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IBM Space Science

IBM Designing Superman Servers For World's Largest Telescope 67

Nerval's Lobster writes "How's this for a daunting task? By 2017, IBM must develop low-power microservers that can handle 10 times the traffic of today's Internet — and resist blowing desert sands, to boot. Sound impossible? Hopefully not. Those are the design parameters of the Square Kilometer Array (SKA) Project, the world's largest radio telescope, located in South Africa and Australia amid some of the world's most rugged terrain. It will be up to the SKA-specific business unit of South Africa's National Research Foundation, IBM, and ASTON (also known as the Netherlands Institute for Radio Astronomy) to jointly design the servers. Scientists from all three organizations will collaborate remotely and at the newly established ASTRON & IBM Center for Exascale Technology in Drenthe, the Netherlands. By peering into the furthest regions of space, the SKA project hopes to glimpse 'back in time,' where the radio waves from some of the earliest moments of the universe — before stars were formed — are still detectable. The hardware is powerful enough to pick up an airport radar on a planet 50 light-years away, according to the SKA team."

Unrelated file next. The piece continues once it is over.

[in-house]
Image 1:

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IBM Designing Superman Servers For World's Largest Telescope

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  • 26 petabytes? (Score:4, Insightful)

    by bloodhawk ( 813939 ) on Tuesday March 12, 2013 @07:29PM (#43154375)
    Is internet traffic really only 26 Petabytes a month, while that is a big number it sounds awefully low to me as the place I work does 15 Terabytes a month and they are little more than a miniscule pimple on face of the internet.
  • Re:sensitive (Score:5, Insightful)

    by femtobyte ( 710429 ) on Tuesday March 12, 2013 @08:38PM (#43154895)

    One big obstacle is, as with SETI, not merely gathering super-sensitive data, but processing all the data to identify E.T.'s air traffic control in trillions of other (natural) radio sources. Just because you're sensitive enough to tell whether a signal is present or absent *when you know exactly what to look for* doesn't mean you'll be able to identify previously unknown signals.

"How many teamsters does it take to screw in a light bulb?" "FIFTEEN!! YOU GOT A PROBLEM WITH THAT?"